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Chapter: 11th 12th std standard Indian Economy Economic status Higher secondary school College

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Statistical Analysis and Measures of Central Tendency

The word 'statistics' is derived from the Latin word 'status' meaning a political state. In those days, therefore, statistics was simply the collection of numerical data by the state or kings.

Statistical Analysis and Measures of Central Tendency 

 

The word 'statistics' is derived from the Latin word 'status' meaning a political state. In those days, therefore, statistics was simply the collection of numerical data by the state or kings. Now, statistics is the scientific method of analysing quantitative information. It includes methods of collection, classification, description and interpretation of data. It simply refers to numerical description of the quantitative aspects of a phenomenon.

 

Definition of statistics

 

Prof Horace Secrist defines statistics as follows. 'By statistics we mean aggregate of facts affected to a marked extent by multiplicity of causes numerically expressed, enumerated or estimated according to reasonable standards of accuracy, collected in a systematic manner for a predetermined purpose and placed in relation to each other'.

 

According to Croxton and Cowden, 'Statistics may be defined as a science of collection, presentation, analysis and interpretation of numerical data'.

 

Nature of data

 

Statistics refers to data or facts. It means data relating to sex, religion, income, population, profit etc. The data may be broadly categorised into two as Qualitative and Quantitative data.

 

Qualitative data

 

Qualitative data are categorical data. They are non-numeric in nature and cannot be measured. Examples are sex, religion and place of birth.

 

Quantitative data

 

Quantitative data are numerical in nature and can be measured.

Examples are age, members in the family, income and savings.

 

Raw Data

 

Raw data represent numbers and facts in the original format in which data have been collected

 

Example for raw data:Z

 

The percentage marks of 50 plus two students are given below

52      61      59      55      63

                                     

83      90      81      77      74

                                     

50      45      42      46      39

                                     

29      31      29      31      30

                                     

48      52      76      36      48

                                     

70      59      77      81      83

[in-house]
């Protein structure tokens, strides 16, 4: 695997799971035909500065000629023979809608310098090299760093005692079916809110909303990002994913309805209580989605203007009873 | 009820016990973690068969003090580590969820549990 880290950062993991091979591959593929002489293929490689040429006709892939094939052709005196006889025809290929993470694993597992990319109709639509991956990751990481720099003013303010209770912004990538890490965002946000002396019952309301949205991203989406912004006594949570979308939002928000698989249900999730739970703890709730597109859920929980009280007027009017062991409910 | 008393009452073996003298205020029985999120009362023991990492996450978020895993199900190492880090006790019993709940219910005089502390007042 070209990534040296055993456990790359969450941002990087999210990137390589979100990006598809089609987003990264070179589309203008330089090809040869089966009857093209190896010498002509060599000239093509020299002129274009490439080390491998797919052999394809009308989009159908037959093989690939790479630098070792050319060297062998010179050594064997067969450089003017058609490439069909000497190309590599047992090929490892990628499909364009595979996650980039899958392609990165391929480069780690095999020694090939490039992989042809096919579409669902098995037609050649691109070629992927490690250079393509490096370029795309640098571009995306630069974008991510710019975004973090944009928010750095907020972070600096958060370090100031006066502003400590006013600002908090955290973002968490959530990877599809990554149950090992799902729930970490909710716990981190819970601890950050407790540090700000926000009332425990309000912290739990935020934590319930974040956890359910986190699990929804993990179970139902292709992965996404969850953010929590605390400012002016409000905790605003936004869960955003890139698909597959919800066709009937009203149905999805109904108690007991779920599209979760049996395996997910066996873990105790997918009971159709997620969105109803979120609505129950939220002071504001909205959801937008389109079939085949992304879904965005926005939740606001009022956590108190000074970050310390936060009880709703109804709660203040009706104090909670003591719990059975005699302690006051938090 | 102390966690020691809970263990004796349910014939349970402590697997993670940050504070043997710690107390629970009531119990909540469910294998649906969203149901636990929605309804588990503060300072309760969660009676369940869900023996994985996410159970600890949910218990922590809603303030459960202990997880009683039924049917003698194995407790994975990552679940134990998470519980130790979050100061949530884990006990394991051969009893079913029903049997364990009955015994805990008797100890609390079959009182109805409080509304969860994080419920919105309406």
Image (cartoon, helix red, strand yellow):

65      33      76      92      77

                                     

29      38      52      64      86

                                     

30      29      48      54      55

                                     

64      59      72      65      64

Frequency Distribution

 

Frequency Distribution is a summarised table in which raw data are arranged into classes and frequencies. It is called grouped data. The grouped data can be classified into two. They are discrete data and continuous data.

 

Discrete data

 

Discrete data can take only certain specific values that are whole numbers. Example: Number of classrooms in a school, number of students in a class. Discrete numbers cannot take fractional values.

 

Continuous data

 

Continuous data can take any numerical value within a specific interval e.g. height in centimetres; weight in kilograms; income in rupees.

 

Sources of Data

 

There are two basic sources of collecting the data. They are (i) Primary source and (ii) Secondary source. If the data are collected from primary source, it is called primary data. The data collected from the secondary sources are called the secondary data.

 

Primary data

 

Data collected for the first time for a specific purpose is called primary data. They are original in character. They are collected by individuals or institutions or government for research purpose or policy decisions. Example: Data collected in a population census by the office of the census commissioner.

 

Secondary Data

 

These data are not originally collected. They are obtained from published or unpublished sources. Published sources are reports and official publications like annual reports of the bank, population census, Economic survey of India; unpublished sources are the Government records, studies made by research institutions. Example for the secondary data: Census data used by research scholars.

 

The census data are primary to the office of the census commissioner who collected it and for others it is a secondary data.


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